Three Weeds Most Wanted — DEAD!
by Jeanne DeBenedetti Keyes
Every gardener has a hit list for weeds. Since each garden is different, that list may vary but I’ll wager that my three most wanted are at least in the Top Ten for all Pacific Northwest Gardeners, if not also on the invasive species list.
I’ll start with shotweed (Cardamine oligosperma) also known as little western bittercress. Shotweed is a member of the Brassicaceae family. It is generally less than 5 inches tall, with small, round, green leaves and tiny white flowers. The seed pods are thin and one to two inches long. When mature, the pods burst open explosively, thus aptly known as shotweed. Little bittercress is a fall/winter-germinating annual species, native to Europe. Shotweed can be found in recently disturbed areas, roadsides, and cultivated ground. Cardamine hirsuta, hairy bittercress is a close cousin. Both plants are often mistaken for each other.
Your best defense against this insidious weed is to pull early and pull often!
Next on my hit list is English ivy (Hedera helix.) This one is so evil, I am counting it as 2 and 3! English ivy is Public Enemy Number One in Oregon as its sale or import is banned. English ivy is an evergreen climbing plant, growing 50-60 feet in trees, cliffs or walls or as a ground cover where there are no vertical surfaces. Ivy clings to surfaces by aerial rootlets which exude a sticky substance, helping the vines adhere to surfaces.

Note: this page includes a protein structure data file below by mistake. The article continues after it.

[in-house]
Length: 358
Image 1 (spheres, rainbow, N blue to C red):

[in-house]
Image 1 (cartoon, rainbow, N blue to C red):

English ivy leaves are usually a dark green, sporting 3 to 5 lobes. Round, unlobed leaves are found on mature plants in full sun that are ready to flower. The small, pale yellow-green flowers bloom in the fall, with black-purple berries to follow in the winter. Although ivy spreads vegetatively and new plants can root into the ground from the smallest piece of vine, seeds from the berries can also be spread by birds such as the Cedar Waxwing, the Northern Robin, Stellar Jay and others.
English Ivy was first introduced from Europe as an ornamental but it has since become a threat to native plants in the Pacific Northwest. As the ivy climbs up the trees, it encompasses the branches, blocking light from reaching the tree’s leaves. Also, due to the increased weight of the branches, ivy-infested trees are more likely to blow over in heavy wind, rain or snow storms. On the ground, ivy forms dense mats of vegetation, making it difficult for native plants to establish and grow. Although, Ivy prefers woodlands, or other upland areas in slightly acidic moist, soils, the Pacific Northwest summer dry season doesn’t seem to slow it down much.
The best way to rid your garden of this menace is to trim it off of the trees first to kill the upper portions of the vines and then pull all of the rootlets up in the Fall or Winter, when it is using its stored energy to produce berries. You may also need to apply an herbicide to the foliage. Continue to pull up any stray rootlets.
Don’t turn your back on this one – it may eat you or your garden!